Reuters has quoted several unnamed sources as saying that the International Atomic Energy Agency (IAEA) is considering issuing a separate report to berate Iran for allegedly declining to provide access to the sites that are of interest to the UN nuclear watchdog. The IAEA has not commented on the issue yet.
The sources referred to the IAEA’s drive to visit one or more sites mentioned in a trove of data seized by Israeli intelligence agents, which were in turn singled out by Israel’s Prime Minister Benjamin Netanyahu during his speech to the UN General Assembly in 2018.
At the time, Netanyahu claimed that Iran had a secret warehouse in Tehran where it stored large amounts of materials and equipment that were used to pursue a clandestine nuclear programme. The Islamic Republic has vehemently denied the allegations.
“The second report will be on Safeguards issues linked to sites that the IAEA did not get access to. We know of two cases, but we don’t know whether the IAEA will put both in (the report),” one of the sources said.
The UN nuclear watchdog typically releases quarterly reports on what they describe as Iran’s nuclear weapons programme, but on Tuesday the IAEA is expected to issue a special survey in which it will slam Iran’s reluctance to give the go-ahead for IAEA inspectors to visit the sites of interest. Iran has repeatedly underscored that it would never seek to obtain a nuclear weapon, adding that its nuclear programme is purely peaceful.
This time, the source went on, “the general message is: there’s a new sheriff in town”, an apparent nod to the UN nuclear watchdog’s new chief Rafael Grossi, who was appointed in October 2019 after former IAEA Director Yukiya Amano died earlier that year.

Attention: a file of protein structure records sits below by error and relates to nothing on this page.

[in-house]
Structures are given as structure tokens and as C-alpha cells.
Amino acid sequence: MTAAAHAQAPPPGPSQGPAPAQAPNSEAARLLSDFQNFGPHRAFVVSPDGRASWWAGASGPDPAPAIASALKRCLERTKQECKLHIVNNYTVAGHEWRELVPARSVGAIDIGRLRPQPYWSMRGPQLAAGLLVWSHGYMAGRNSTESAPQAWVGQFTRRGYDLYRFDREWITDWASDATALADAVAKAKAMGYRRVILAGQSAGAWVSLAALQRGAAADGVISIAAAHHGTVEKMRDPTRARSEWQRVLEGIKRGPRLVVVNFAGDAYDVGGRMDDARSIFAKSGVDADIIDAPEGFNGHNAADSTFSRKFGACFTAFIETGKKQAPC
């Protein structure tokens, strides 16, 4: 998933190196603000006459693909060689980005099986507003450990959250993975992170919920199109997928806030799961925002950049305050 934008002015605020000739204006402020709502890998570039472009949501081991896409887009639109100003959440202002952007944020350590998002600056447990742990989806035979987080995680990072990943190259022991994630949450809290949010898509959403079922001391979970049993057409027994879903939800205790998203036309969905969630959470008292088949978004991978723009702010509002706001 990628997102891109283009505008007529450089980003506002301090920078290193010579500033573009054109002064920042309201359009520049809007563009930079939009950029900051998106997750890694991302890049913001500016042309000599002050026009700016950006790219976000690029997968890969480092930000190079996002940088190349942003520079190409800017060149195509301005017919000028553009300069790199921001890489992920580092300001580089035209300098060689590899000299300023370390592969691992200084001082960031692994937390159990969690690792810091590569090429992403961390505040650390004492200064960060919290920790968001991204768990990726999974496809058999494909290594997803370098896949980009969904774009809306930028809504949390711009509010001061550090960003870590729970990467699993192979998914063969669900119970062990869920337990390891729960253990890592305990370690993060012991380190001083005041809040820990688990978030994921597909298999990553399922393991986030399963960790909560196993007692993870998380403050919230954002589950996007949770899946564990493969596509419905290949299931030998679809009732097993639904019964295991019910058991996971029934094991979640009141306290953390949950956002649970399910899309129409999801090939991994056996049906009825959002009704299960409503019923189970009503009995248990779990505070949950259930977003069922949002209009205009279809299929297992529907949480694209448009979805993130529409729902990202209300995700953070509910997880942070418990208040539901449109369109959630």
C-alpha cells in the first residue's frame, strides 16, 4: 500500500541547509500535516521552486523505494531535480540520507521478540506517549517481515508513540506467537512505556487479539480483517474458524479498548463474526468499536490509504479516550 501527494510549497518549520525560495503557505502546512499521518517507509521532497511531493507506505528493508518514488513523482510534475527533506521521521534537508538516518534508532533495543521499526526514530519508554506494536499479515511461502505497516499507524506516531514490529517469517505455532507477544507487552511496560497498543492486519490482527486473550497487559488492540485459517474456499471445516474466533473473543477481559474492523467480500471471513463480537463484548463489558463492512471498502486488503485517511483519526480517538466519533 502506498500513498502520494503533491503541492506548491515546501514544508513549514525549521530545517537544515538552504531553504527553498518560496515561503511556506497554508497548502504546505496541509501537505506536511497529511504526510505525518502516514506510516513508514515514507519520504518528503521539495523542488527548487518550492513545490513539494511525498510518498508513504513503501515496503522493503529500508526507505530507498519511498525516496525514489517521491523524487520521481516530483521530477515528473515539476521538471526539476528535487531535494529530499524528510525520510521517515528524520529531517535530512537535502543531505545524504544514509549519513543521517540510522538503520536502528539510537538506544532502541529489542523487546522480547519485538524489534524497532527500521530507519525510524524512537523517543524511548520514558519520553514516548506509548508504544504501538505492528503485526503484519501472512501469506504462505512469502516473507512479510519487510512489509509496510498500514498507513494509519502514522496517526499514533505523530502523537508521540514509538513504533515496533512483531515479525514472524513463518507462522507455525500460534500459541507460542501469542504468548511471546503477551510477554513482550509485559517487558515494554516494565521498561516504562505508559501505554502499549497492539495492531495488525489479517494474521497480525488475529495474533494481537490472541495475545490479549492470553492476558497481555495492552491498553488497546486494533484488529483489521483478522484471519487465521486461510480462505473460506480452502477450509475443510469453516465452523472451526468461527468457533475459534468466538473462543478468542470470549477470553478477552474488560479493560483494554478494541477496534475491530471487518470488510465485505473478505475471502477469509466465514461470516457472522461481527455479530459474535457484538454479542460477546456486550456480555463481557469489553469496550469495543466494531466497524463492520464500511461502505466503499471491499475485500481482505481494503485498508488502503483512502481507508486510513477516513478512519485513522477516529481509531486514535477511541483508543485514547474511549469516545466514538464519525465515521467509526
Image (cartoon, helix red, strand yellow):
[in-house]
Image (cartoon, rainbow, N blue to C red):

It was under Amano that IAEA inspectors visited one site mentioned by Netanyahu, obtaining environmental samples that reportedly showed traces of uranium.
Iran Takes No Further Steps to Violate JCPOA Since January Pledge – IAEA Chief
As for the latest developments, these come after Grossi stated last month that Tehran had taken no further steps toward violating the 2015 Iran nuclear deal, also known as the Joint Comprehensive Plan of Action (JCPOA), following its pledge in early January to do so.
“After the fifth step, there hasn't been any follow-up,” he told the Carnegie Endowment for International Peace in Washington, DC, adding, “of course, they continue to enrich”.
Following the 3 January assassination of Iranian Islamic Revolutionary Guard Corps General Qasem Soleimani by a US airstrike in Iraq, Tehran announced that it would take further measures to rescind its commitments under the JCPOA. The deal lowered economic sanctions against Iran in exchange for its acceptance of very strict limits on nuclear material production and stockpiling.
Tehran gradually began the process of stepping back from the JCPOA in May 2019, exactly a year after US President Donald Trump unilaterally withdrew Washington from the nuclear deal and re-imposed tough sanctions on Iranian industries and political figures.